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Discussion in 'DIRECTV General Discussion' started by Doug Brott, Jul 27, 2010.
I believe those do have RID's but yea worth a quarter or two
Hmm, just deactivated a ridless receiver Saturday and Today and the CSR said they could be reactivated at any time. Prepare for a fight and a free receiver with no commitment the next time I call to reactivate.
Minor correction. If the legacy receiver without RID had been active on an account before, it is possible to reactivate on same account as long as it has an existing access card for that account. It cannot be added to anyone else's account (by selling or gifting, etc.)
I'm Doug and I've got friends
:welcome_s to the forums
There are going to be a few of angry ebay members, but I am glad to see this actually. It's one step closer to all MPEG4 equipment
Wonder what sparked the change?
When Directv finally gets around to transitioning ALL channels to MPEG4 (which will free up a huge amount of bandwidth), the older receivers will all become doorstops. This may be a first step in reducing the potential cost of such an upgrade (stopping production of D12s and R16s would be the next obvious step).
Edit: I see that matt1124 is thinking along the same lines....
Doug thanks for the info was that from a 2nd tier CSR?
higher up than that ..
Doug probably has lunch with Mike White on a regular basis, it's just a short drive
It's a hole in the card security that they will now close,The card security is only 100% when the card # and the RID# are married, If the unit doesn't have an RID# it makes it easy to partially reactivate the unit to (for example) pick up off air channels on the old HD boxes.
And that will be THE last word on security .. DBSTalk.com is not the place to even broach the subject of breaking any encryption.
So how much closer are we to all MPEG4 Doug?
What was the launch date and life expectancy of the last KU satellite DirecTv launched? Might give you some insight to the answer. If they just let the KU sats die off, and reduce the SD channels, then when they are dead, and SD has died with them, they can launch a brand new KU sat for 101 to carry more HD.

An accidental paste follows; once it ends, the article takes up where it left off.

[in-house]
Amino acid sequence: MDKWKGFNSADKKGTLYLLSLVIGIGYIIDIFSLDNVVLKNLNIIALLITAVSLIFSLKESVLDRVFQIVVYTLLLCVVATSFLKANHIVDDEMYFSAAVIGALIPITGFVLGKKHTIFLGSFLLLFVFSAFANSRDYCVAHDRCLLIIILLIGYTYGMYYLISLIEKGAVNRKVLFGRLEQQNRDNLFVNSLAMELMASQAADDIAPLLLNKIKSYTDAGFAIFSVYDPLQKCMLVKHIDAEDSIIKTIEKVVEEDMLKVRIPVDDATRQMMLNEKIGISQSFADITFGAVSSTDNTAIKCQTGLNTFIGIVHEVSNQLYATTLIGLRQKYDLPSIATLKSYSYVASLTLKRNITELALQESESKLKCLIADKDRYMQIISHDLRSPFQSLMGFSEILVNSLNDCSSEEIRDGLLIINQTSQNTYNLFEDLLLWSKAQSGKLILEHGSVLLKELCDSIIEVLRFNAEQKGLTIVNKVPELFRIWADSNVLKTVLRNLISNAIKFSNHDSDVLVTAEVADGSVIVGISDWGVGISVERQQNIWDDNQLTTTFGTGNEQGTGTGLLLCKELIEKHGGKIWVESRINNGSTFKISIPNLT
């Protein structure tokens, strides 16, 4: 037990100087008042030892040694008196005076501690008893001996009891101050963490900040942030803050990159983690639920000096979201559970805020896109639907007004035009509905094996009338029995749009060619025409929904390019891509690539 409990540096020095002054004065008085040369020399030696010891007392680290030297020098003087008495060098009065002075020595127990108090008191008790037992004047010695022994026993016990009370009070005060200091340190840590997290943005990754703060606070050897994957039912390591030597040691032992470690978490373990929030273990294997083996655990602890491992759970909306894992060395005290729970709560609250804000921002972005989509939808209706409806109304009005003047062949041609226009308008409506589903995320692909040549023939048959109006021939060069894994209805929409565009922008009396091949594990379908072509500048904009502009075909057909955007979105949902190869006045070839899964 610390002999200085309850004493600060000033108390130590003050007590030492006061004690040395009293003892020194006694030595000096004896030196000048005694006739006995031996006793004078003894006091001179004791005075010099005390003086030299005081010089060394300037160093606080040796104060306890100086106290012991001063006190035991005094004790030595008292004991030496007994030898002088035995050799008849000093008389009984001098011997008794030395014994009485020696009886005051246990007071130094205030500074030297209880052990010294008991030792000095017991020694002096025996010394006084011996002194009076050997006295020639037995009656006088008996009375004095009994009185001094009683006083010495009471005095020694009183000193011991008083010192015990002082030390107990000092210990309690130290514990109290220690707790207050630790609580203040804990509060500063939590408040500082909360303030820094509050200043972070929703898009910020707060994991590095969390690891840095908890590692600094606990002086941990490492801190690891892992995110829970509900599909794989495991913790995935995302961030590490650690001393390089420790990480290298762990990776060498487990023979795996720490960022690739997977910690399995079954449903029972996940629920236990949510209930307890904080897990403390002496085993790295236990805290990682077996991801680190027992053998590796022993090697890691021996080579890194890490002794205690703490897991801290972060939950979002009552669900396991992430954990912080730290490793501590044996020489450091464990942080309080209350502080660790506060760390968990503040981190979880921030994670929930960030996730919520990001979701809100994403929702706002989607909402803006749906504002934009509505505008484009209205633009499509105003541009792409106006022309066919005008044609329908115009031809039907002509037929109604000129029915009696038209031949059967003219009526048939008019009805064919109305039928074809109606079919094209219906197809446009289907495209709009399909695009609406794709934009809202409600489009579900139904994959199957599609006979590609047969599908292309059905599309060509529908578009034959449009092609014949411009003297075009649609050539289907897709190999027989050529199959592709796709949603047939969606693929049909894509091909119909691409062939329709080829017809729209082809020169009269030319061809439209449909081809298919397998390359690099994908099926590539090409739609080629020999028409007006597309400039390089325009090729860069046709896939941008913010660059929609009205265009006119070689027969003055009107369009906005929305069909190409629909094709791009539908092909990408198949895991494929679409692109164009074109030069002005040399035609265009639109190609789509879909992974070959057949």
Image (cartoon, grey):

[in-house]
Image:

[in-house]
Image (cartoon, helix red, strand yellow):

Ok so when will that be?
Beats me :shrug:
My guess would be 5-10 years out, though.
I don't think there is anything unique to the satellites themselves relating to MPEG2 vs MPEG4. There is no onboard demodulation and the transponders just retransmit whatever is in the uplink.
The satellites that aren't doing MPEG4 don't know if the data is MPEG2 or 4 or anything else above the data stream layer. (I won't say the Spaceways don't know--they just might; but they are MPEG4 able anyway.)
So the current fleet is fully able to do all MPEG4...
The BIG (and I really mean BIG) issue is all the legacy receivers that are MPEG2 only. This step will stop the recycling of some of them (maybe a lot) but it won't stop any existing ones that are still in service.
The math I've been using lately is say 30M old MPEG2 receivers that are turned on right now. (Just an educated wild ass guess, I had been using 40M last year.)
Say each replacement receiver is $50 on average. ($100 is likely closer by the time you figure in ALL the costs and that some are DVRs.)
Plus say 15M homes need upgrading to new dish.
That is a lot of satellite launches. (And DIRECTV still has a fair amount of bandwidth they can utilize more efficiently...)
So I don't see all MPEG4 for at least 5 years after the last D12 is sold. If even that quickly.
Since D12s are still available in the supply chain, you know MPEG4 only is not really on the radar...
The only way this "eliminate MPEG2" effort will happen is when DirecTV agrees to upgrade customers FOR FREE with NO NEW COMMITMENT which may happen eventually. But there are a LOT of SD-only customers being installed daily and there are lots of other customers who have been long-term subs (like me) who have no intention of upgrading due to the 2 year commitment...and upgrade fee.